There continues to be a mismatch between the future promise of digital display advertising and the current reality. It may be the fastest-growing ad channel, aided by the most advanced technology and data and the best targeting we’ve ever seen. But can you remember a single digital ad in the last month?
The reason is we’ve forgotten the message -- focused only on the delivery. No other channel places such focus on the science of how, who and when the ad is served, and so little on the art of what the ad should do.
It’s not that the delivery isn’t vital; it’s incredible that we can target people by location, demographic and time of day. It’s of huge value that we can retarget, based on social connections and recent search history -- but that’s not everything.
For too long, digital advertising has been dominated by engineering, it’s a world driven by data, logic, efficiencies, automation, cleverness. But it’s not working. Take the retargeted ads that stalk you online for jeans you’ve just bought, served at the moment in your life when you are least likely to buy that item. Take the cleverly served ads about France, intelligent enough to know I am in other country, not so smart as to know I don’t speak French.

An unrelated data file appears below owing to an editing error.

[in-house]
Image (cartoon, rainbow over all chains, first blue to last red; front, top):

And yet the future seems even more technology-centric, a world of the automated, led shortly by programmatic buying but soon to include automatically produced creative. If this trend line continues, we could have an entire channel of advertising made with no human involvement, other that writing the algorithms and setting the inputs and outputs into computers. I think we need the opposite.
We need to build on it with the art of making connections. On this platform of science, we need to add the art of empathy, to understand the context of consumption, how to relate and seduce people at the right moment in time. We also need to be more creative.
It’s remarkable how similar the digital ads of 2014 look to the ads in newspapers of the 1700s. It’s astonishing to me that pre-rolls are still identical to TV ads. The legacy of the past closed our minds to the incredible potential of what digital advertising can do.
I see a bifurcated future, a world where 90% of the cheapest digital advertising inventory becomes automated, a long-tail approach where nothing is valuable enough to make human involvement worthwhile and ads are tactical and transactional.
But for the prime digital spots, I see the opposite, a chance for science and art to come together to exploit the real potential for the best medium the world has ever seen.
The future of digital advertising is bright, and it will look quite different from today.